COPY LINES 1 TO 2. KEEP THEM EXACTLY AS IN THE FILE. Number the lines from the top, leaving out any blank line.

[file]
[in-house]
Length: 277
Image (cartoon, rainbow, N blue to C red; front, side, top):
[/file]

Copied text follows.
[in-house]
Length: 277